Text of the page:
[sf-lug] Sunday meeting at the Javacat--11 AM to 1 PM
jim at well.com
Sat Mar 3 10:33:02 PST 2007
good response, i'll try to tell you after I know myself.
my guess is that some people use their laptops
for email and web browsing mainly and occasionally
for light word processing. i'm sure some people
go for heavier-duty word processing and
i also guess there are only some people who use
their laptops to run significant audio apps and only
some who have a need for 3D and games.
use reflects generational and other personal
as to community, there's a thriving CentOS
mailing list and the OS is so similar to Red Hat's
product that she, if she wishes, can benefit from lots
of online and printed info that's RH oriented.
but i'm bound by my own limitations: email and
web browsing, no interest in games or media,
maybe a little vi if i want to write a note or two,
wget, links, rpm at the command line--my primary
use is that of studying RHEL configuration so's to
get paid to operate some tethered corporate server.
as to point and click update management, sleep
mode, configuring third-party software, oddball
media formats, and more, those are very good
points. I donno--my CentOS is on tower boxes.
fortunately i'll also have fedora core DVDs
unfortunately her laptop may only have a CD
I guess I'll bring some (older) Ubuntu disks and
hope someone else brings the latest Ubuntu, to
give her some choices.
what was that noise?
thanks lots for the helpful note.
On Mar 2, 2007, at 12:02 PM, Asheesh Laroia wrote:
> On Fri, 2 Mar 2007, Sameer Verma wrote:
>> jim stockford wrote:
>>> why not? it's robust and rich.
>>> Fedora is richer, but not as robust.
>>> i got a bad attitude toward Ubuntu just now.
>>> so why not CentOS on a laptop?
> I've heard CentOS called many things, but never "rich". I haven't
> used it
> personally, only helped people when they've come running to me for an
> Tell me how well-supported getting multiple programs to play audio at
> (using e.g. pulseaudio) is on CentOS. Tell me how well-supported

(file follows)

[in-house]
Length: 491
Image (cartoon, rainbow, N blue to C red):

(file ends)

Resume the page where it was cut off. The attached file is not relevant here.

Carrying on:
> sleep is
> on the most current laptops, and how much third-party software is
> available (from LyX and Firefox all the way to games like Frozen
> Will she run into dependency hell trying to get new software
> installed, or
> is there a complete repository available with a point and click
> Does it ship the latest (i.e., most compatible and most responsive)
> version of OpenOffice.org?
> When she wants to upgrade between versions, is there a graphical
> that does the upgrade? What about playing oddball media formats that
> may run into? How about 3D acceleration?
> Will she have a large user community with whom to discuss problems when
> they arise? Not just a large user *base*, but a large group of people
> trying to do the same things she is (run a portable personal
> rather than a tethered corporate server).
> These are not fringe issues, these are core usability issues. And they
> are surely issues of "richness".
> For me, Ubuntu is #1 on these issues, and I hear Fedora is okay with
> The one time I saw CentOS on a laptop it was a nightmare on almost all
> these counts, but hey, that almost half a year ago, and the CentOS
> wasn't the current one.
>> Since Jim mentioned it, I'll say that I have a particularly *good*
>> attitude toward Ubuntu [right now] :-) I also have a good attitude
>> toward Fedora [right now] for running it on my servers.
> I have the same feeling as Sameer on Ubuntu, and I run Debian on my
> servers. (-:
> -- Asheesh.
> Q: Why do people who live near Niagara Falls have flat foreheads?
> A: Because every morning they wake up thinking "What *is* that noise?
> Oh, right, *of course*!
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